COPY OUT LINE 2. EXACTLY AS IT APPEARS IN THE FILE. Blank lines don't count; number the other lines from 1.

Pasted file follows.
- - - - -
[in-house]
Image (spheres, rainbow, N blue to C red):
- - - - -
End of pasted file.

Image (spheres, rainbow, N blue to C red):